Short Cut to Hell was remade in 1979 as made for TV movie with Robert Wagner and Lou Antonio. I only hope it was better than this.

   There is a language of film, and it is always disappointing when someone you expect to know it intimately proves deaf to its rhythms and lyric style. This film is actively bad, perhaps not a bomb, but empty and devoid of any sense of style. It isn’t Ed Wood, and I am not suggesting that, but the combination of James Cagney, Graham Greene, W. R. Burnett, and a classic film should have been more than this.

   It is currently on YouTube, and I can only say if your curiosity overcomes you, watch at your own peril.


WHERE THE SIDEWALK ENDS. 20th Century Fox, 1950. Dana Andrews, Gene Tierney, Gary Merrill, Bert Freed, Tom Tully, Karl Malden, Ruth Donnelly, Craig Stevens. Screenplay: Ben Hecht, based on the novel Night Cry by William L. Stuart.. Directed by Otto Preminger.

   A tough police detective, repeatedly in trouble for beating up suspects in cases he’s investigating, accidentally kills one of them, a guy being framed for knifing another guy after a dice game. After dumping the body, he finds someone else accused of the crime.

   That someone being the father of the girl he’s falling in love with, the estranged wife of the guy he killed. Whew. I hope I didn’t give too much away with all this plot summary. The fun in a movie like this is just to sit back and let events flow naturally.

– Reprinted from Movie.File.2, June 1980.


THE DEVIL THUMBS A RIDE. RKO Radio Pictures, 1947. Lawrence Tierney, Ted North, Nan Leslie, Betty Lawford. Based on the novel (McBride, hardcover, 1938) by co-screenwriter Robert C. duSoe. Director: Felix E. Feist.

   A traveling salesman, a happy-go-lucky sort of guy, with a good job and a wife waiting home for him, makes a serious mistake. He picks up a guy thumbing a ride. They then pick up two girls who are hoofing their way to Hollywood, then stop and have a party.

   A deadly one. Lawrence Tierney is perfect in the role of a killer on the run.With his cold and shifty eyes, he was made for the part. Everybody is fine in their roles, even the minor ones. I even recognized the voice of Arthur Q. Bryan as a local cop. (Among others, he played the role of Fibber McGee’s friend Doc Gamble on the radio.)

– Reprinted from Movie.File.2, June 1980.




ANDERS BODELSEN – Think of a Number. Harper & Row, hardcover, 1969. No paperback edition.

THE SILENT PARTNER. Carolco Pictures [Canada] 1978. With Elliott Gould, Christopher Plummer, Susannah York, Céline Lomez, and John Candy. Screenplay and co-directed by Curtis Hanson. Directed by Daryl Duke.

   A disappointing book turned into an intriguing film.

   THINK OF A NUMBER starts out with a neat little hook and develops it with some skill and suspense. Bork, a meek bank teller with a thoughtful streak, perceives hints that someone plans to rob his bank – probably his own station—during the busy Christmas Season, and decides to get in on the act himself.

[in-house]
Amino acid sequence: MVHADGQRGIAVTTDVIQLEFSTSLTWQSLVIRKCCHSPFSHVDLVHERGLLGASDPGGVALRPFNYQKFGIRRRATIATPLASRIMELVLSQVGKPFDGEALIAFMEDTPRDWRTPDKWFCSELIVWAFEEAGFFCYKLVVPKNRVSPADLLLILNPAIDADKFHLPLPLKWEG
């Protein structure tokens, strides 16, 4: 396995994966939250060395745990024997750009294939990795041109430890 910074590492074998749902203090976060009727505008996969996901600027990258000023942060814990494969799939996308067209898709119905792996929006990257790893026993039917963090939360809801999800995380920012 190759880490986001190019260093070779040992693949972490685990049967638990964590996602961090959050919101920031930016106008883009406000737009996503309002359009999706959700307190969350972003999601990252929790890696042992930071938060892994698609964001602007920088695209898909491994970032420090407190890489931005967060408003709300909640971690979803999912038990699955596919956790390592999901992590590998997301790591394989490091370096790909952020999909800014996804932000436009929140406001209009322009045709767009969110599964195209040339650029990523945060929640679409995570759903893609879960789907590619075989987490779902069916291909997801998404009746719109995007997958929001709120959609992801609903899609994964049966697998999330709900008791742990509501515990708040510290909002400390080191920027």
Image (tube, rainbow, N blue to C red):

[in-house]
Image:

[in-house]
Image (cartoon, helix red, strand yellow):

Bork makes a practice of hiding away large sums of cash, and when the robber strikes, he gets away with a few thousand Kroener while Bork carries off a few hundred thousand. And so crime pays…

   Until the robber decides to go after Bork’s share.

   What follows is a battle of wits between Bork and the Bad Guy, complicated by the appearance of a Mystery Lady who may be a key piece in the game. But what makes it readable is that the wits involved are genuinely sharp, with Bork somehow keeping one jump ahead of the others, even as they out-think him.

   Unfortunately, author Bodelson seems to have mapped out his ending without considering the characters, because in the last third of NUMBER, everybody gets stupid. And I mean Everybody: Bork, the mystery gal, the robber, even a cop on their tail… all of them, after being sharp-witted for so long, suddenly commit the most obvious and unforgivable mistakes imaginable. And I say “imaginable” because what we have here is clearly a case of a writer shepherding his characters to a tidy ending that reads like the author himself descended from on high to personally arrange it.

   So when our neighbors to the North made this into the movie SILENT PARTNER, they wisely opted for a more convincing resolution, one that is rich in irony, yet seems to rise naturally from the characters. And it may be the casting, but those characters, as played by Elliott Gould, Susannah York and a nasty-nasty Christopher Plummer, seem more rounded and interesting than the predestined losers of Bodelson’s novel.

   I should add that there’s some surprisingly graphic violence here, mostly directed at women, but it helps that PARTNER is directed at a brisk pace, acted with enthusiasm, and written with an air of spontaneity that breathes freshness into every scene. This is a film not to be missed by lovers of tricky caper flicks who want to see a few new wrinkles in the celluloid fabric.